Big Data projects are quickly becoming the norm at large enterprises that want to bring together their huge data stores and gain competitive insights. Most of the projects start with research – in-house coupled help from external consultants and experts. Several build the infrastructure as a test bed to weigh in performance or features. Some want performance – better than their traditional warehouses. Some want faster to results – quicker integrations. Others take use case based implementation, rather than infrastructure based ‘built it they will come’ approach. Ultimately, upon on completion of first few use cases/implementation, businesses want to expand and get more out of the infrastructure. Here is when the data stores that started a pristine Data Lakes quickly may end up as Data Swamps. Without good data governance, duplicated data, missing data and other data problems multiply quickly. Users find it difficult to trust the data.

Enter Data Catalog. When implemented correctly, a data catalog will have definitions of data, information about where they reside (systems, files, reports, etc.), where it originates, who to contact about the said data, etc. Having this information helps users – those who build solutions and those who use them – equally. Business users trying to build reports out of big data repositories will want to know where it came from, what is the definition etc. Similarly, developers will want the data definitions to transform the data as required by the business. Often data or business analysts build this data catalog on the individual projects and share within the teams. They are then posted to spreadsheets or on SharePoint lists. It is a foundation for data projects. Depending on the type of data catalog, once the project completes, they are either forgotten or are actively used. Commercial big data systems have an inbuilt metastore that captures the metadata and uses it for data processing. This metastore is not business friendly or has all the required information to function as a proper data catalog. Likewise, data warehouse/databases have inbuilt system tables to show the metadata about the data. They too lack the business definitions.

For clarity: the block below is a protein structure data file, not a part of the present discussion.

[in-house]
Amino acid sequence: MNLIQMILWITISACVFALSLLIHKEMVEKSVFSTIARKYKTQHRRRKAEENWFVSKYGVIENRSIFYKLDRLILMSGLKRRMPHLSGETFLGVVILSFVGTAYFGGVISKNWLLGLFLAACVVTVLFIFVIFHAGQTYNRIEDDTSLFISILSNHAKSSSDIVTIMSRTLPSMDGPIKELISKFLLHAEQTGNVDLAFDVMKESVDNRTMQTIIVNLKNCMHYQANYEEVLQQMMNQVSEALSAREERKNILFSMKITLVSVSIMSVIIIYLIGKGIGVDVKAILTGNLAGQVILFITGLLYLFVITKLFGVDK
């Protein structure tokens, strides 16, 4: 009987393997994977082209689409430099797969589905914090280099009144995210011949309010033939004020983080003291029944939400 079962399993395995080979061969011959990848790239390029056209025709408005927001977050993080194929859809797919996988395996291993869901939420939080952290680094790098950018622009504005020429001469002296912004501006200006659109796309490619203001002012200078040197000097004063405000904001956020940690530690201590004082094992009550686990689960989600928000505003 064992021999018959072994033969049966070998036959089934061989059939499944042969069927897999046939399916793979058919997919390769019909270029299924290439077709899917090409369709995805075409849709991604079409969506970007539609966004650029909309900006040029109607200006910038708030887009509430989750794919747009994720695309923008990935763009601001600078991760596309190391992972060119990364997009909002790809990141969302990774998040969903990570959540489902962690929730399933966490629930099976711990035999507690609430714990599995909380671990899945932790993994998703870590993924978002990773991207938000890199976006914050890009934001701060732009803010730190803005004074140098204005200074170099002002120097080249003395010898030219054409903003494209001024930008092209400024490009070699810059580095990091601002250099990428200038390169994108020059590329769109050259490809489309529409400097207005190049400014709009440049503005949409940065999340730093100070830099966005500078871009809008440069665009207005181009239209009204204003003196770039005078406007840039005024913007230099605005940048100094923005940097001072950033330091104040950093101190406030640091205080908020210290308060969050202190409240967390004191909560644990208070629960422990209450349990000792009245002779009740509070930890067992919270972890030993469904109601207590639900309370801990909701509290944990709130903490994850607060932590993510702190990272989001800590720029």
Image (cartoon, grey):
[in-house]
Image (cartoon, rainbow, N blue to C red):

Poorly managed or non-existent data catalog causes confusion and other data errors in reports, systems and integrations. Business relying on this poorly defined data may end up with making poor decisions. This can be avoided with having a good data catalog. It need not be exhaustive from the get go. It can start small and be increased over time. A centralized catalog with proper controls and is accessible to everyone is a great start. Developers can build quickly and accurately using the catalog definitions. Reports builders and users can better understand the data being used in them. As its usage grows, data & analytics programs and data governance programs will find the catalog indispensable. Looking back, you may wonder where you would be on this data journey with out data catalog as a guiding map.